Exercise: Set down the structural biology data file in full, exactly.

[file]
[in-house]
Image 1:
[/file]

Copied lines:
[in-house]
Image 1: